• Audrey Abshire

Travel Tips from an International Marathon Backpacker

When I first started backpacking in another country, other backpackers would share tips and tricks. There is no better resource as a solo traveler than the people who have already tread the path. The global backpacking scene is a supportive community of like-minded people helping one another on their journey. I found this to be true in every country I visited during my journies.

I started in Central America, making my way down to South America--where there were many European and Middle-eastern travelers. Some were moving up from the South vs. down from the North. I took this opportunity to exchange tips and tricks on where to go and how to get there. Below are some of the most common advice I would find helpful when traveling internationally:

  • Don’t leave your backpacks anywhere besides on you or right next to you.

  • Don’t fall asleep without having your backpacks on you or next to you, and keep them locked at all times.

  • If you are taking night transportation, ensure your most important belongings are on your lap, and everything is locked up next to you (under your seat).

  • When staying in a hostel or hotel, ensure your belongings are locked in the lockers (ensure you have a padlock and small locks for all backpacks).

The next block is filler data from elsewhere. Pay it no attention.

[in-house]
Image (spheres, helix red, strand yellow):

• Check reviews before booking a hostel or hotel. Even if someone you meet along the way has suggested the place. It’s essential to keep in mind that every person has a different experience/perspective (trust your gut).

  • When booking a hostel or hotel, ensure you don’t book too far in advance, as plans can quickly change--I try to book 1-2 days in advance.

  • When booking transportation, especially in Central/South America and Asia, book close to the travel date since schedules change and are typically late--you have to be flexible.

  • When sleeping in a hostel or hotel, ensure your phone is right next to you or in your pillowcase, and everything else is locked up in the locker.

  • If you’re bringing expensive technology such as a laptop, tablet, or kindle, these belongings should be locked up or in your pillow when sleeping.

  • Try not to show off where you’re from or expose too much information to strangers. I like to keep a low-profile at all times.

  • Ensure when you’re going out at night (and especially if you’re consuming alcohol) to be with at least two other people at all times when having to transport from one place to the next.

  • Ensure you have everything downloaded to your phone that is needed for the next day (if you’re not sure you’re going to have Wifi or even data service). Especially download the Maps.me app or Google Maps downloaded for that area.

  • Ensure you understand the language’s simple phrases in the area you’re traveling to by downloading certain language apps; the Google Translate app will be you’re best friend.

  • Ensure you understand exchange rates in the area traveling in; there are several apps to assist you.

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